2017-12-07 19:13
Russians' independent Olympic participation encouraged
By Baek Byung-yeul 

The government said Thursday that it will encourage Russian athletes to compete at the upcoming PyeongChang Winter Olympics independently despite the IOC’s ban on Russia.

The IOC decided to suspend the Russian Olympic Committee, Wednesday (local time), after an investigation found evidence of state-sponsored doping. Despite the ban against the committee, the IOC said Russian athletes were still invited to the Games as an Olympic Athlete from Russia (OAR), but could not use their national flag or anthem.

Following the IOC’s decision, the Ministry of Culture, Sports and Tourism issued a statement, saying it feels regretful but that it looks forward to seeing many Russian athletes compete in PyeongChang.

“The Korean government and its people have worked hard in preparing for the 2018 PyeongChang Winter Olympics over the past seven years in a bid to make the Games a festival of peace and harmony,” the ministry said.

It added, “participation by winter sports athletes from all over the world including Russians is one of the keys to the Games’ success, as well as the most important element to achieve the Olympic spirit.”

“The Korean government expects the PyeongChang Winter Olympics to be a good opportunity to further strengthen the traditional friendly relationship between Korea and Russia, and to meet many Russian athletes.”

After the IOC decision, concerns have been raised that Russian President Vladimir Putin, who has denied there was a state-sponsored doping operation, may call for a total boycott.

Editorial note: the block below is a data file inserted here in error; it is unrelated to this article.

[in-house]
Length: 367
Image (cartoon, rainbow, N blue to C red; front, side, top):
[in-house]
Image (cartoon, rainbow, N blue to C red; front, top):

However, Putin said he will not block Russian athletes from competing in PyeongChang with a neutral status. According to a Wednesday report by Russian news agency Tass, Putin said, “We will definitely not be announcing any sort of blockade and will not be impeding the participation of our athletes if any of them decide to take part in the Olympics with a neutral status.”

In response, the Korean sports ministry said it “respects and welcomes the remark.”

“If Russian athletes take part in the PyeongChang Winter Olympics individually, the Korean government will provide full support for them no less than that for the athletes from other nations,” it said.

A boycott of PyeongChang would be the biggest since the 1984 Los Angeles Summer Olympics. At that time, the Soviet Union led a boycott of 14 countries in response to the U.S.-led boycott of the 1980 Moscow Summer Olympics.

Facing the Olympic ban, some Russian athletes have stated they will use the neutral status to compete in PyeongChang.

Viktor An, an eight-time Olympic short-track speed skating champion, said he will take part in the 2018 Winter Olympics.

“If Russia doesn't boycott the PyeongChang Olympics, I will compete as a neutral,” An, who’s training with his Russian teammates at Korea National Sport University, said, Wednesday. “I've been preparing for this for four years. I can't just give it all up.”

The South Korean-born Russian star earned Russian citizenship in 2011 and claimed three gold medals at the 2014 Sochi Olympics.